By Milan Perera, Deputy Editor
Streets of Bristol were alive again with colours, sequins, and a strong sense of solidarity as the annual Bristol Pride march returned on Saturday, July 8. The parade was followed by the official Pride Day celebrations at the Downs which featured over 100 acts.
The intermittent rain did not dampen the spirits of the thousands gathered at Castle Park for the Bristol Pride march. The parade moved through the streets of Bristol via Cabot Circus, Union Street, and St Augustine’s Parade before reaching its destination at Millennium Square.
The shuttle bus service transported the attendees to the site of the official Pride Day festival at the Downs.
The diverse march featured LGBTQ+ individuals from various walks of life from university students to firefighters, along with their allies who marched in unity. The sight of families, friends, and community groups marching side by side reflects the diversity and evolution of the LGBTQ+ community in Bristol.
Bristol Pride is one of the largest annual Pride events in the UK offering a host of activities and an unmatched line-up.
This year’s festival boasted five large stages, each featuring an array of entertainment from cabaret to circus. The festival goers were entertained by the likes of Natalie Imbruglia, Nadine Coyle, Ladyhawke, Alison Limerick, Ro Pound and Órla Blige. This year’s headline act was the flamboyant frontman of Scissor Sisters, Jake Shears who delivered a captivating performance that had the crowds spellbound.
Guiding the proceedings at the main stage was the Bristol-based comedian, Jayde Adams, who served as the compère for the event.
The festival catered to all ages, providing a range of activities and entertainment options for families. From silent disco to interactive art installations, there was something for everyone to enjoy. Food stalls lined the festival grounds, offering a delectable variety of culinary delights.
Speaking to Epigram, Daryn Carter MBE, the Director of Bristol Pride summed up this year’s event:
‘This year’s Bristol Pride Festival has been just incredible. We hosted over 40 events over the last 2 weeks all culminating the in the massive outdoor music and arts festival. The festival has been filled with poignant and special events to showcase and celebrate the community and we saw record numbers joining the parade and it's been filled with joy and love, it has felt really special.’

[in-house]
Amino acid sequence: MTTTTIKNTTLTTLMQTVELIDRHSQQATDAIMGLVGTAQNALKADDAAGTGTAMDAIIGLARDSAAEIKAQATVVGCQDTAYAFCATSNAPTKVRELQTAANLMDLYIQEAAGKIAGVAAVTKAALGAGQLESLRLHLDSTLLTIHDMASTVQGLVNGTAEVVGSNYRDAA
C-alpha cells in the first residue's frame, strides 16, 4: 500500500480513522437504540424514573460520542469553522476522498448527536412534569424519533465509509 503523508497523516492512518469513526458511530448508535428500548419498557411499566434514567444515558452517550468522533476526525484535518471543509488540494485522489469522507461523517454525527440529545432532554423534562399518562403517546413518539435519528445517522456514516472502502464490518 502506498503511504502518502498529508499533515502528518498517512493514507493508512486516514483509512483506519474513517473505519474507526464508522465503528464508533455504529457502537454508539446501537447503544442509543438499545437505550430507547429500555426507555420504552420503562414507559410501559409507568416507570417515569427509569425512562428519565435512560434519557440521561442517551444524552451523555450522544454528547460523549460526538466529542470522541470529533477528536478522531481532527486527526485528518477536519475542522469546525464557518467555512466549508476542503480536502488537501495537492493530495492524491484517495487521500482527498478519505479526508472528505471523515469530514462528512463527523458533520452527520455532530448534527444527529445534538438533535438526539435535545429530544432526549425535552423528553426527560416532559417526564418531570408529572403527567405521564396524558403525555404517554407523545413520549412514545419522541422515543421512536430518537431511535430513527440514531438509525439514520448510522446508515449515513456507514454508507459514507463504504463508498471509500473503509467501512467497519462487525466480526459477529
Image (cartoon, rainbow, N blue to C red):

When we asked about the themes he would like to highlight in this year’s Bristol Pride, he pointed out:
‘With everything going on at the moment this year it felt important to think about talking about the online hatred towards our community, in tackling the prejudice and hate levelled at our community and to be a space where people are able to be themselves authentically.’
Regarding those who took part in Pride for the first time, he said:
‘It's also about ensuring our voice is heard as the LGBTQ+ community are still fighting for equality but I know for many and especially those who are attending their first Pride event how special Pride is. I recall my first Pride and it truly changed my life. It showed me that I was not alone and that there was a massive community out there, just like me, that I wasn't a freak or abnormal. Pride is also the chance to come together and be surrounded by joy and love. I think that's something special to take away, you are not alone and you are loved.’
Among those who took to the streets on Saturday was Sayoni Ghosh, a University of Bristol student who identifies as asexual and was celebrating her firstever Pride event. Ghosh who is reading for her Masters degree in English Literature spoke of the sense of reassurance and acceptance felt during the event:
‘My first Pride march as an asexual, to say the least, was unforgettable. The hundreds of smiling faces, the proud waving of colourful LGBTQ+ flags, and the unending sea of cheering gave me a sense of assurance that despite facing so much resistance and discrimination, we as a community can be a force to reckon with, because every human regardless of their orientation deserves to love, live, and laugh with dignity. More importantly, it gave me a deep sense of belonging, which I think everyone yearns at the end of the day.’
She believes that the journey of each LGBTQ+ member is unique and reiterated the need to identify the intersectionality of discrimination in order to understand the struggle of each individual better. For Ghosh, Pride Day meant education, sensitivity and community.
Also speaking to Epigram was Rhiannon Shaw, President of the University of Bristol LGBTQ+ Society who elaborated on the importance of Pride Day, especially at the aftermath of several transphobic incidents.
‘We felt it was important to maintain that Pride is a protest, and as no mainstream political parties in England can truthfully claim that they are standing behind trans people, we were pleased by the decision of Bristol Pride to not allow political parties to take part.
‘Trans people are one of the most marginalised groups in the country and it was incredibly positive to see Bristol's LGBTQ+ community come together to support each other.’